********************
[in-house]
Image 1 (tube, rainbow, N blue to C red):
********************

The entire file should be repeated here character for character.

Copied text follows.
[in-house]
Image 1 (tube, rainbow, N blue to C red):